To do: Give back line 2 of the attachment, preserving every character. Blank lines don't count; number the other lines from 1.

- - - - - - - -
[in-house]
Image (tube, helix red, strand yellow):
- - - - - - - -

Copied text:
Image (tube, helix red, strand yellow):